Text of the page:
What a rich colour.

Gaun and Pit had pruned all the bougainvillea and hedges that line the driveway. Next week I will get some gravel delivered to refresh the road and the areas around the farmhouse. This is a uniquely neat Isan farm.

This was the driveway two years ago as when Gaun first started on her third garden. New gravel just down.

Yes, I do occasionally do a bit of hands on work.

And at the end of that new gravel day a couple of years ago, this is Isan’s best gardener taking a balanced approach to life.

A reasonably new road has been built running past the farm and soil has washed down at the entrance. New gravel will make this look smart again. You can set how neat all the borders are after two days’ work by Gaun and Pit.

They spent a lot of yesterday completely weeding the roadside. Gaun has 100 metres of flowers that runs the length of Yuan’s half of the farm disappearing around that corner. All cuttings. They will flower in the upcoming cool season.

This flower bed has been completely replanted and will become a sea of colour.

The farm at sunset.

Peng on mama duty.

Pit, her granddaughter May and mama.

May had picked some flowers for her mother who is away working in Chonburi with her husband.

Pit with jackfruit heading home, which is just down the road from this farmhouse.

My boat is looking more landlocked every day. Gaun has planted flowers in front of it from seeds. I believe the plan is to wait until the end of the ‘wet’ season and then fill the pond from the bore/well. Isan Grace, my floating sala, may get back on water this year after all.

Storm-clouds in the distance. No rain for us of course.

Mama on her way home.

More clouds that were worth a photo over a village pond on the way home.

All show and no go. Rain somewhere but luck of the draw.

I have been wanting to photograph this house for some time and was able to remind myself this in the morning. I just like the ad hoc look of it and the varied colours. Very Isan rural village house. Originally built high to allow buffalo to live underneath. The new-age buffalo on the left!

Today activity has moved to our place. Pit, Gaun’s sister-in-law, who is a painter by trade has swapped working on Gaun’s farm garden to doing some actual painting. We had a shed and undercover clothes drying area built earlier this year and painting them has been on my to-do list ever since. You know me well enough by now to know that when I say ‘to-do’ that doesn’t necessarily mean ME doing it. Pit is in-between jobs and needs the work so it’s win-win.

The garden shed and drying area is situated behind the rice hut.

A nice entranceway to the shed. Rice hut on the right.

A blank canvas. Once painted I am going to build a workbench on the right and lots of shelves to store all my man-stuff (junk).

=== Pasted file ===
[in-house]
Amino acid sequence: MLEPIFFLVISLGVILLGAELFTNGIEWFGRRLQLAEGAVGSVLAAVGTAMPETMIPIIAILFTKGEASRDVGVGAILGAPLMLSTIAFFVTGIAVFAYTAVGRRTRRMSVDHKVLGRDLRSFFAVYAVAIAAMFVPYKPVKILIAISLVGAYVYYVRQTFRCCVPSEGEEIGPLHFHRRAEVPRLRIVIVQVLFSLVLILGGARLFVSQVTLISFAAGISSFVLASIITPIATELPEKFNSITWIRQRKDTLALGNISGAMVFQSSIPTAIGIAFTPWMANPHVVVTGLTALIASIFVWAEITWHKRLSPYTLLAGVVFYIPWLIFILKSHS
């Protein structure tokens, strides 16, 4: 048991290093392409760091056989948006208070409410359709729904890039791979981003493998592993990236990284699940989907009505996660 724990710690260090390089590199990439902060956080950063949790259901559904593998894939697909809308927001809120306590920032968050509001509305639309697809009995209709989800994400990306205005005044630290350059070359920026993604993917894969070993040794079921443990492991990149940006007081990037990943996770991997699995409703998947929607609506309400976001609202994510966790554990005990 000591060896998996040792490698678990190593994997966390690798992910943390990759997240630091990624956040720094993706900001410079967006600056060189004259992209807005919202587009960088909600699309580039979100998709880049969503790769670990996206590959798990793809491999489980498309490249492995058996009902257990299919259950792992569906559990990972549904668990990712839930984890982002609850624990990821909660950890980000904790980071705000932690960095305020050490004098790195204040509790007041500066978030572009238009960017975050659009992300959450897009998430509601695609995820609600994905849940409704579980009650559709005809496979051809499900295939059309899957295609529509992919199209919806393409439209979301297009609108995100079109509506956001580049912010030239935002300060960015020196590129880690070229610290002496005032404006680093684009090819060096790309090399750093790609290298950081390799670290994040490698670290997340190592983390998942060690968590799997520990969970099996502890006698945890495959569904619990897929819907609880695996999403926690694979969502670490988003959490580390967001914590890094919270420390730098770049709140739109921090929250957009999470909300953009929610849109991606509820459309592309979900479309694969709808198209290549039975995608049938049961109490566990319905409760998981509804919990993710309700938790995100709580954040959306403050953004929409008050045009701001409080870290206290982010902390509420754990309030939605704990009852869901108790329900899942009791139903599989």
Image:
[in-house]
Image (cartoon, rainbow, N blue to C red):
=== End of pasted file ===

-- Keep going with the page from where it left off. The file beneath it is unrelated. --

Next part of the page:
Even in six months I have managed to fill the shed. Time for a clear-out before it goes back in.

Pit in action. This is the clothes drying area, when it’s not full of junk!

Mama has been moved here for the day as Yuan and Lud are at the farm and we are based here. Duk Dik has followed his mistress to keep an eye on things.

Gaun has just been in to tell me mama has disappeared from here and she found her wandering the garden! It is the first time she has taken off under her own steam since the stroke so wonderful news.

 

Thanks for reading.

Tony

2 Comments

  1. Jim Busby

    Gaun knows that hard work is followed by good libations. My philosophy too! You’ve had May in a number of your photos, and she is adorable in all of them. You are complaining about six months plus of accumulated junk. I am trying to get ready to sell my house of nineteen years and get rid of a lot more junk than that! Duk Dik’s got things covered I see.

    Cheers,

    Jim

    Reply
    • Tony in Thailand

      I haven’t seen May in a while. She tends not to come to the farm even though it is only a short walk (Thais don’t walk on the whole – Gaun takes the motorbike to mama’s house, which is only 50 metres away). May is the daughter of a niece called Tear and her dad Jun, Gaun’s older brother (number 3 on the list of old to young) can be a difficult character. She and her husband packed up one day without telling parents and headed to Chon Buri, where they both have jobs. May was left behind in that very common expectation that grandparents pick up on the childminding if needed. May seems to take it all in her stride because it is such an accepted way of things in the village. There are so many kids being raised separate from their parents, mostly due to work commitments. Of all the nieces and sisters, Tear is closest to Gaun in character in that she is less constrained by her upbringing. Good fun at a party.

      I can totally relate to the vast chore of sorting through accumulated stuff. Keep a good supply of Three Weavers on hand.

      Reply